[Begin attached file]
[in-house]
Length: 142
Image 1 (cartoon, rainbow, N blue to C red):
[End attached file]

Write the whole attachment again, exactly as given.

[in-house]
Length: 142
Image 1 (cartoon, rainbow, N blue to C red):